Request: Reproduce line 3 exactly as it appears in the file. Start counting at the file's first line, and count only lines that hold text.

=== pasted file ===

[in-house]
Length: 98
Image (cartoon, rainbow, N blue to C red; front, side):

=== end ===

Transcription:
Image (cartoon, rainbow, N blue to C red; front, side):